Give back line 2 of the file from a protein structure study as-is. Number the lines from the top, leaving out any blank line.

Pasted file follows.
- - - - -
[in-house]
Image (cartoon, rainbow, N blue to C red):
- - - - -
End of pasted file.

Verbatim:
Image (cartoon, rainbow, N blue to C red):